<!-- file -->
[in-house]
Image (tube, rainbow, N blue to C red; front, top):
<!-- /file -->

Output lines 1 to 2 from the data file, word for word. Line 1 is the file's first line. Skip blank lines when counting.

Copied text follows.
[in-house]
Image (tube, rainbow, N blue to C red; front, top):